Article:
Werner Herzog’s “Fitzcarraldo” is tedious, and a little boring, for roughly half of its 158-minute running time. It matters not, however, because the main event of the film, the reason for its existence, occurs in the second half of the film. The film lacks the haunting momentum and power of “Aguirre, the Wrath of God,” but it’s every bit as spellbinding as “Aguirre” when it counts, when Herzog, probably the most visionary filmmaker working now, does the unthinkable- he and his crew carry a 360-ton ship over a mountain, from one river to another. Another filmmaker would have just used miniatures and special effects to accomplish this task, but Herzog actual does it. It’s one of the great spectacles in cinematic history, and it could only happen from one director.
Werner Herzog is a filmmaker for artists to love. He straddles between narrative features and documentaries effortlessly, and interweaves fact and fiction beautifully, where there is truth in his narrative work, and some fiction in his documentaries, when fitting. I still have a ways to go, but I make it a point to catch his new films as much as I can, and one of my favorite uses of 3D is in his 2011 “Cave of Forgotten Dreams,” about the oldest cave drawings known to man in France. Few films have utilized 3D with the sense of purpose and power that film did, and it’s a film as rich in imagination as “Aguirre” or “Fitzcarraldo.” He was a favorite filmmaker of the late Roger Ebert, and it was Ebert’s appreciation for him that really drew me to Herzog’s work. The wild man days of filming in remote locations, or submitting to the “voodoo of location,” as Herzog calls it, for something like his “Nosferatu” remake, are gone, but he remains one of the most distinctive voices and visions in modern movies. Like Tarkovsky, plot is a moot point, and only images matter. Nowhere else in Herzog’s career has that been more true than it is in “Fitzcarraldo.”
The filming of “Fitzcarraldo” was chronicled in the documentary, “Burden of Dreams,” which I have yet to see, but the legend is well-documented. The story is inspired by a rubber baron, Carlos Fitzcarrald, who was living in Peru, and who wanted to expand his business deep into the jungle. To get to a remote piece of land, he took a ship from one river system to another over a mountain. His ship was smaller, and takes over in pieces, than the one Brian Sweeney Fitzgerald (known as “Fitzcarraldo” by the natives, and played by Klaus Kinski) carries over a mountain in one piece. His vision is less inspired by profit- he is a wanna-be rubber baron, and his lover (Claudia Cardinale) runs a brothel- but by a love of opera. He wants to build an opera house deep in the jungle, and have a famous opera singer (Enrico Caruso) sing there. He will use the profits from the rubber trees in the undeveloped land to fund it, and must enlist indigenous people to help take his steamship over the mountain. Apart from the obvious dangers with such an endeavor, there are also perilous rapids to contend with even if they get the ship across, as well as the danger the indigenous people of the region present. Seeing Fitzcarraldo, wild-eyed in his obsession, blaring Caruso in the jungle, as the ship makes its way down the rivers, is worth sitting through the film’s first half alone.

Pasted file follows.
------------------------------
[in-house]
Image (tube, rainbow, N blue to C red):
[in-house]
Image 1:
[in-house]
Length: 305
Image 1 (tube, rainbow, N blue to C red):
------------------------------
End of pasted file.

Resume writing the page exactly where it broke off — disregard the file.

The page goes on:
I think I’ve seen “Fitzcarraldo” three times now, and each time, the first half has been, honestly, boring to me. Knowing the spectacle of the ship up the mountain is coming, it’s hard to sit through what takes place before it, after Fitzcarraldo and his lover take in the opera, and Caruso, after traveling a long way on a small boat to get there. The beginning is as powerful as Herzog has ever staged in its way, but it can’t make up for the tedious nature of deal-making and talking about his obsession we are given before he hits the river with his steamship. When they get on the river, the film comes alive, as does Herzog’s filmmaking and, more importantly, Kinski’s wild flair as a performer. The idea that Jason Robards once played Kinski’s role is, honestly, crazy to me, but he was until dysentery forced him to pull out, leaving Herzog to turn to his eccentric “Aguirre” star, and Kinski does not disappoint. He and Cardinale are really the only people who keep us watching after the beginning of the film, but we know the real intensity in Kinski’s performance will come out on the river. The man, whom Herzog hated as an individual, but loved as an actor, has an energy to him that no one can duplicate, and as he was perfect for “Aguirre,” he’s more so in “Fitzcarraldo.” Both are about obsessive quests that make the travelers crazy, and feel doomed. Fitzcarraldo accomplishes his task, but loses much in doing so. Watching him do it is one of the great cinematic experiences, even if the movie Herzog made isn’t “great” in the way he usually think of that term.